Multiple Federal Agencies   We reported in February 2012 that multiple federal agencies have been
Are Conducting Their Own    expending additional resources to conduct their own risk assessments, in
Risk Assessments            part because they have not been satisfied with FPS’s past assessments. 6
                            These assessments are taking place even though, according to FPS’s
                            Chief Financial Officer, FPS received $236 million in basic security fees
                            from federal agencies to conduct FSAs and other security services in
                            fiscal year 2011. 7 For example, officials we spoke with at the Internal
                            Revenue Service, Federal Emergency Management Agency,
                            Environmental Protection Agency and the U.S. Army Corps of Engineers
                            stated that they conduct their own risk assessments. GSA is also
                            expending additional resources to assess risk. We reported in October
                            2010 that GSA officials did not always receive timely FPS risk
                            assessments for facilities GSA considered leasing. 8 GSA seeks to have
                            these assessments completed before it takes possession of a property
                            and leases it to tenant agencies. However, our preliminary work indicates
                            that as of June 2012, FPS has not coordinated with GSA and other
                            federal agencies to reduce or prevent duplication of its assessments.

                            In September 2011, FPS signed an interagency agreement with Argonne
FPS Efforts to              National Laboratory for about $875,000 to develop an interim tool for
Develop a Risk              conducting vulnerability assessments by June 30, 2012. 9 According to
Assessment Tool Are         FPS officials, on March 30, 2012, Argonne National Laboratory delivered
                            this tool, called the Modified Infrastructure Survey Tool (MIST), to FPS on
Evolving, but               time and within budget. MIST is an interim vulnerability assessment tool
Challenges Remain           that FPS plans to use until it can develop a permanent solution to replace

                            GAO, 2012 Annual Report: Opportunities to Reduce Duplication, Overlap and

                            Fragmentation, Achieve Savings and Enhance Revenue, GAO-12-342SP (Washington,
                            D.C.: February 2012).
                             FPS currently charges tenant agencies in properties under GSA control a basic security
                            fee of $0.74 per square foot per year for its security services including physical security
                            and law enforcement activities as per 41 C.F.R. § 102-85.35.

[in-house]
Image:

As of March 2012, FPS’s total life cycle cost for MIST was estimated at $5 million.

                            Page 4                                                                          GAO-12-943T
RAMP. According to MIST project documents and FPS officials, among
other things, MIST will:

•    allow FPS’s inspectors to review and document a facility’s security
     posture, current level of protection, and recommend

•    provide FPS’s inspectors with a standardized way for gathering and
     recording facility data; and

•    allow FPS to compare a facility’s existing countermeasures against
     the Interagency Security Committee’s (ISC) countermeasure
     standards based on the ISC’s predefined threats to federal facilities
     (e.g., blast-resistant windows for a facility designed to counter the
     threat of an explosive device) to create the facility’s vulnerability
     report. 10

According to FPS officials, MIST will provide several potential
improvements over FPS’s prior assessment tools, such as using a
standard way of collecting facility information and allowing edits to GSA’s
facility data when FPS inspectors find it is inaccurate. In addition,
according to FPS officials, after completing a MIST vulnerability
assessment, inspectors will use additional threat information gathered
outside of MIST by FPS’s Threat Management Division as well as local
crime statistics to identify any additional threats and generate a threat
assessment report. FPS plans to provide the facility’s threat and
vulnerability reports along with any countermeasure recommendations to
the federal tenant agencies.

In May 2012, FPS began training inspectors on MIST and how to use the
threat information obtained outside MIST and expects to complete the
training by the end of September 2012. According to FPS officials,

  The ISC is comprised of representatives from more than 50 federal agencies and
departments, establishes standards and best practices for federal security professionals
responsible for protecting non-military federal facilities in the U.S. FPS is a member
agency of the Interagency Security Committee in the Department of Homeland Security,
along with other federal agencies such as the General Services Administration, the
Federal Aviation Administration, the Environmental Protection Agency, and other